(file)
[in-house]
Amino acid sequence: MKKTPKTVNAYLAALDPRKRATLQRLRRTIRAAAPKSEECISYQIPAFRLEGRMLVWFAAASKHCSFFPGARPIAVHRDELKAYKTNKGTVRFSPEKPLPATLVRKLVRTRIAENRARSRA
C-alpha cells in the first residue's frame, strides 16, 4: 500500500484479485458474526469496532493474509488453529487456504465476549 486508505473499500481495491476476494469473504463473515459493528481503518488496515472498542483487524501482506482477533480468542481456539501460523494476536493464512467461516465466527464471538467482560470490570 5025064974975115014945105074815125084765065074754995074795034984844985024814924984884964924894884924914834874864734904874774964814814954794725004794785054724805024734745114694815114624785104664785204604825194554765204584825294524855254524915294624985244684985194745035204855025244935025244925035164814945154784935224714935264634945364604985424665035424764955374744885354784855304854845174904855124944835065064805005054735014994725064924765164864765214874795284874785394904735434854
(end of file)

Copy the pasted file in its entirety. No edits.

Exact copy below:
[in-house]
Amino acid sequence: MKKTPKTVNAYLAALDPRKRATLQRLRRTIRAAAPKSEECISYQIPAFRLEGRMLVWFAAASKHCSFFPGARPIAVHRDELKAYKTNKGTVRFSPEKPLPATLVRKLVRTRIAENRARSRA
C-alpha cells in the first residue's frame, strides 16, 4: 500500500484479485458474526469496532493474509488453529487456504465476549 486508505473499500481495491476476494469473504463473515459493528481503518488496515472498542483487524501482506482477533480468542481456539501460523494476536493464512467461516465466527464471538467482560470490570 5025064974975115014945105074815125084765065074754995074795034984844985024814924984884964924894884924914834874864734904874774964814814954794725004794785054724805024734745114694815114624785104664785204604825194554765204584825294524855254524915294624985244684985194745035204855025244935025244925035164814945154784935224714935264634945364604985424665035424764955374744885354784855304854845174904855124944835065064805005054735014994725064924765164864765214874795284874785394904735434854